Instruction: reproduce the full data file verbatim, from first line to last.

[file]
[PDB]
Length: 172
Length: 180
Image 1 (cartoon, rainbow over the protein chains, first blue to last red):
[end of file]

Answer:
[PDB]
Length: 172
Length: 180
Image 1 (cartoon, rainbow over the protein chains, first blue to last red):